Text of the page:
This post was written by Cindy S. Minniti and Mark S. Goldstein.
With summer right around the corner, many high school and college students are preparing to begin unpaid internship programs at companies across the country. Such programs have long been considered a staple for U.S. businesses, as well as a valuable option for students seeking opportunities that will offer them real-world experience while opening doors in their sought-after career fields. But in recent years, these internship programs have come under intense scrutiny and fierce legal attack. Indeed, employers in a broad swath of industries have faced a veritable flood of class and collective actions challenging the legality of their unpaid internship programs.
Propelled by a continuously aggressive plaintiffs’ bar, these suits have attempted to hold companies liable under the federal Fair Labor Standards Act (FLSA) and parallel state laws under the theory that the sponsoring employers are unlawfully withholding minimum wage and overtime pay from their interns, while reaping the benefits of their “free” labor. Victory for the intern-plaintiffs in these suits means not only back pay with interest, but also hefty attorneys’ fees. Indeed, these suits have become so costly to defend that several high-profile companies have elected to discontinue their internship programs altogether.
So, with intern “season” upon us, let’s review whether your company’s internship program is compliant with applicable wage and hour laws, and, if not, what you can do to bring the program into compliance..
U.S. Department of Labor (DOL) Position
The DOL initially ignited the debate over the use of unpaid interns when, in April 2010, it issued Fact Sheet #71 – modeled in part on a 1947 Supreme Court decision. According to that Fact Sheet, employers must classify and pay interns as if they were employees – unless the employer-intern relationship meets every one of the following six criteria:
- The internship is similar to training given in an educational environment
- The internship experience is for the benefit of the intern
- The intern does not displace or supplant regular employees, or perform duties traditionally rendered by regular employees
- The employer derives no immediate advantage from the intern’s activities (ideally, the intern impedes the employer’s operations)
- The intern is not necessarily entitled to a job at the conclusion of the internship
- The employer and the intern understand, preferably in a signed writing, that the intern is not entitled to receive remuneration for his/her work
If the internship does not satisfy all six of these criteria – and, for New York employers, also all 11 of the partially duplicative factors that the New York State Department of Labor has articulated – the employer must pay its interns and otherwise follow all wage and hour requirements as if the interns were regular employees.
Rush to the Courthouse
In the wake of the DOL’s publication of Fact Sheet #71, unpaid interns have inundated federal and state court dockets claiming violations of the FLSA and other applicable minimum wage and overtime laws. Several such lawsuits already have resulted in important decisions regarding the circumstances under which companies must pay their interns.
But the most important decision on this issue is still weeks – if not months – away. That decision will come from the federal Court of Appeals for the Second Circuit in Manhattan, which is currently considering two related appeals regarding the permissibility of company-sponsored unpaid internship programs. The Second Circuit’s decision is expected to decide and delineate when (if ever) a company may engage a student (and other type of) intern without treating and paying the intern as an employee. The appellate court will also likely clarify whether and to what extent federal courts should defer to Fact Sheet #71 (of which the appellate panel appeared skeptical during oral argument on January 30, 2015). The defendant-employers, for their own part, have urged the court to adopt a “primary beneficiary” test, or a totality test of the six DOL factors, rather than the DOL’s all-or-nothing test.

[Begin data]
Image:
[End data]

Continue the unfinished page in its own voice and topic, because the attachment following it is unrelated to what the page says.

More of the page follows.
A favorable decision for the interns in the Second Circuit will inevitably lead to a slew of new lawsuits. Because of this, many anticipate the Second Circuit’s decision to be the most important wage and hour decision of 2015. It is anticipated to have significant impact on the future structure and use of internship programs not only in New York, but also nationwide.
What Does This Mean for My Company?
The flood of lawsuits by unpaid interns is continuing, with no appearance of slowing any time soon. And although the impending Second Circuit decision should provide some clarity on the legality of unpaid internship programs, employers must, in the interim, take pragmatic steps to minimize their exposure – both to unfavorable judgments as well as to lawsuits in the first instance.
Prudent employers, with counsel, therefore should examine the current DOL regulations to best ensure that their internship programs – both in policy and practice – actually satisfy the six Fact Sheet #71 requirements (and any applicable state or local laws). If not, employers should retool their internship programs now, and, if necessary, after the Court of Appeals’ ruling. For some employers, unpaid internship program risks – which include not only potential liability for wage and hour violations but also potential tax- and benefits-related sanctions – may finally outweigh the current programs’ rewards.